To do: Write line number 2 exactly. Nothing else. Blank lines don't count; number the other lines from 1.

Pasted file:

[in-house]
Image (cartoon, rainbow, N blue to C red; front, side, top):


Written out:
Image (cartoon, rainbow, N blue to C red; front, side, top):